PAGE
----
When the seasons begin to change and the last frost date nears, my excitement as a gardener explodes. I love to grow tomatoes, it’s by far one of my favorite plants to grow from seed to harvest in the garden.
There is a problem, however. Tomatoes can be susceptible to a host of different bugs, pests, and diseases that have the potential to ruin your crop before you harvest a single fruit. In this article, we’ll cover the most common issues you may be having with growing tomatoes, and discuss how to prevent, identify, and treat tomato diseases that may be negatively affecting your growing season.
A tomato disease affecting the leaves of the plant.
Different Types of Tomato Disease
Tomato disease comes in many different forms, all of which pose unique signs and symptoms that can be overwhelming for us in the gardening community. Watching the plant that you spent so long nurturing to maturity get slowly ruined by diseases is heartbreaking and can leave you feeling helpless. Have no fear, however, as we are going to learn about all the different types of tomato diseases that can hurt our plants.
To start, let’s break down the main culprits that we can expect to find in our tomato gardens. We have…
Fungal Tomato Disease
Fungus are a common player in the garden. Most of the time, they are incredibly important for soil health as they assist the tomato plant’s root system by breaking down decaying material, making the nutrients easier to absorb by the roots.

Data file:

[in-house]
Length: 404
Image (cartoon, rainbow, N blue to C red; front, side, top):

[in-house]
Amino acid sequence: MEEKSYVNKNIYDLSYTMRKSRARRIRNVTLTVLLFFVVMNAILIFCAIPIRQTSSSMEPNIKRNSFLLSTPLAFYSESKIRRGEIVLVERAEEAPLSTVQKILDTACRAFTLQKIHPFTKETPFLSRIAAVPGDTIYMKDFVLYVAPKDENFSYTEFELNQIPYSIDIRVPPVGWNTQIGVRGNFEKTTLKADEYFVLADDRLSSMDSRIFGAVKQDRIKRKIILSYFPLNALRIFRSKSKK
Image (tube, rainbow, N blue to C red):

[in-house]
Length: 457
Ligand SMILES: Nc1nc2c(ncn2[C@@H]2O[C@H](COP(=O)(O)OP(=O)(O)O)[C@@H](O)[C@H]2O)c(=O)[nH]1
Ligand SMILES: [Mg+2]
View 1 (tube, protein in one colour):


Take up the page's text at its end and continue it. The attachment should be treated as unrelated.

However, certain species of fungus are destructive to tomatoes. Here are the most important ones to identify early and treat promptly.
Early Blight: This fungal tomato disease is characterized by dark spots forming on the leaves that expand and spread to the rest of the leaf. While this tomato disease can occur on all parts of the plant, the most common area that will first contract the fungal disease is the lower leaves.
This is due to the proximity of the leaves to the soil. Blight fungus lives and breeds in the soil, and gets to the tomato plant through water splashing up onto the tomato’s foliage.
The best way to keep early blight away is simple: prevention! Make sure to cut away the lower leaves and stems often, as this will be a great way to stop the ability of early blight tomato disease from taking hold on your plants.
Also, using a layer of mulch on your soil will be a game changer. Mulch comes with many benefits, but has an especially useful ability to prevent splashing from occurring during watering. By stopping the soil from splashing up to the leaves, the chances of early blight affecting your plants diminishes dramatically.
Next, let’s talk about how powdery mildew, another fungal disease, can affect your tomato plants.
Powdery Mildew: This tomato disease is a fungus that spreads through spores landing on tomato leaves through the wind. Powdery mildew is common in the garden, but can be devastating for tomato plants. It is characterized by a white dust collecting on the topside of tomato leaves, which can spread quickly and damage tomato foliage to a point of no return.